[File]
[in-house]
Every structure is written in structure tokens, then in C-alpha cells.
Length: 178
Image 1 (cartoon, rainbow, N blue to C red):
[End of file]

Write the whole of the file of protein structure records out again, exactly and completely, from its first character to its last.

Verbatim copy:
[in-house]
Every structure is written in structure tokens, then in C-alpha cells.
Length: 178
Image 1 (cartoon, rainbow, N blue to C red):